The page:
Increase one’s ability to decrease anxiety and depression.
Helps one to pay attention and observe thoughts and feelings without judgement.
Promotes relaxation and calmness.
Reduces negative emotions and stress. Improves memory.
Boosts the immune systems ability to fight off illness.
Encourages one to eat healthy and cope with cravings allowing them to pass.
Alleviates physical pain. Develops a sharp focused mind.
Improves relationships. Increases work satisfaction.
I know most of you started reading this in hopes of finding the magic bullet for dealing with your child’s misbehavior. You should know, that’s not the type of grounding we are talking about. While you won’t be getting any discipline tips, the mindfulness grounding techniqu
es presented here pose many benefits for you and your child, including allowing your child to be more present especially when becoming behaviorally or emotionally dysregulated.
The goal of grounding is to calm the emotional and irrational part of our brain so that we can begin to think more logically about what is going on. Grounding exercises allow individuals to:
Remain calm and present when we become over stimulated or experience a flashback from a negative past experience
Begin to feel and express big emotions such as anxiety or anger
Catch our self in a whirlwind of worrying thoughts.
One helpful grounding exercise is bring our mind to what we are sensing in the present moment by carefully observe our surroundings and noticing what we are seeing, hearing, smelling, tasting, or touching. This draws the mind away from worries, concerns, or large emotions and grounds us to the current space we are in.
One specific grounding technique I use with families and their children involves Lego mini-figures. Using a Lego mini-figure for this technique is not required; however, it is nice as it can have unique details and is easy to bring along anywhere you go. When the child gets upset they begin to describe the details they see on the mini-figure and what it reminds them of. Often children will describe the figures facial expression, specific cloths they are wearing, and discuss memories of playing with the figure. After the child has done this, I will have them take a deep breath before checking in with their parent or going back to play. While most children can do this on their own, I recommend the parent to participate and do this with the child in the beginning. By doing this with them, the child will become more comfortable at using this technique when they are upset.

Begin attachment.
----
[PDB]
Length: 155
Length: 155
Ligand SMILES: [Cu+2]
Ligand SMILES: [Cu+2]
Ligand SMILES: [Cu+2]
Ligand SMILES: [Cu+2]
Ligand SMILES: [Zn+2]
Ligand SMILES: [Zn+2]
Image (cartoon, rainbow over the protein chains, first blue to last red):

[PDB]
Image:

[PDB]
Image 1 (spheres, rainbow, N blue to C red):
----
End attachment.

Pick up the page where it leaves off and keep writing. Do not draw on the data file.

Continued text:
It is important to note that while this specific technique is geared towards our children, it can also apply to us as adults. We as adults can look at our surroundings and describe what we see, hear, smell, taste, or touch. If we apply this, and other mindfulness techniques, alongside with our children, we will feel less anxiety and stress and will find that escalated situations will deescalate more quickly.
If you, or your child,would like to learn more about other helpful grounding techniques and strategies to positively manage your child’s emotional or behavior challenges, please contact us at Wasatch Family Therapy at 801-944-4555. We can provide a more specific approach to meet your individual or family needs.